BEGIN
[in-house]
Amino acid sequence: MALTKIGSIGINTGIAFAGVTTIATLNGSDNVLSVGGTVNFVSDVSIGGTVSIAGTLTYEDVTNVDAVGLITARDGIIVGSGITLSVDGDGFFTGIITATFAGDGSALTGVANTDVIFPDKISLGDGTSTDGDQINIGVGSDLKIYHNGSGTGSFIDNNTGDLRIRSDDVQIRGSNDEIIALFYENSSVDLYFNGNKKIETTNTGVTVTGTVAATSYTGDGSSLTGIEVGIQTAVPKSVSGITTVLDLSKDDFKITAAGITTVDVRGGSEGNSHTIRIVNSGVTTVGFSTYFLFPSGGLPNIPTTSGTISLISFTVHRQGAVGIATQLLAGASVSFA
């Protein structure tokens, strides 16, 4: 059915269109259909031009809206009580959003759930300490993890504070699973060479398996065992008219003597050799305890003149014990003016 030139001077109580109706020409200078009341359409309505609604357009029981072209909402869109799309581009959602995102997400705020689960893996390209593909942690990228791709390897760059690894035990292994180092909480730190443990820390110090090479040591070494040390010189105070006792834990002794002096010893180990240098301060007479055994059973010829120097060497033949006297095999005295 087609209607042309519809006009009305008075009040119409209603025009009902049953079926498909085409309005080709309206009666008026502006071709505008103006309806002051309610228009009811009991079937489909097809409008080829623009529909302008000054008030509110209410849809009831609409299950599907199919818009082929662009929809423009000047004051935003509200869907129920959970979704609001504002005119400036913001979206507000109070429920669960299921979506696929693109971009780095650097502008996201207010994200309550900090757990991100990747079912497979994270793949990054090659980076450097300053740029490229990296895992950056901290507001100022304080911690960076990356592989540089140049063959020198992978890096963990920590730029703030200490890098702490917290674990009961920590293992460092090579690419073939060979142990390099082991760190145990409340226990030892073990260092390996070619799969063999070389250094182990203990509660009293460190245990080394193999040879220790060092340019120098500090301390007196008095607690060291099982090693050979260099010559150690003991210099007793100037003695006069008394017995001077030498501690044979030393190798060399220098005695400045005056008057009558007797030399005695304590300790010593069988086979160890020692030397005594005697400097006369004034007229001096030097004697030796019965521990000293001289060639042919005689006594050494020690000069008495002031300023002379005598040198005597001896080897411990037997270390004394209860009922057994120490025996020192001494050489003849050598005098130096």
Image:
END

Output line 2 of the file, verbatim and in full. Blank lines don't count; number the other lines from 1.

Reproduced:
Amino acid sequence: MALTKIGSIGINTGIAFAGVTTIATLNGSDNVLSVGGTVNFVSDVSIGGTVSIAGTLTYEDVTNVDAVGLITARDGIIVGSGITLSVDGDGFFTGIITATFAGDGSALTGVANTDVIFPDKISLGDGTSTDGDQINIGVGSDLKIYHNGSGTGSFIDNNTGDLRIRSDDVQIRGSNDEIIALFYENSSVDLYFNGNKKIETTNTGVTVTGTVAATSYTGDGSSLTGIEVGIQTAVPKSVSGITTVLDLSKDDFKITAAGITTVDVRGGSEGNSHTIRIVNSGVTTVGFSTYFLFPSGGLPNIPTTSGTISLISFTVHRQGAVGIATQLLAGASVSFA